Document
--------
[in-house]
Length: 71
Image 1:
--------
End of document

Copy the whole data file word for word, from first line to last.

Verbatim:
[in-house]
Length: 71
Image 1: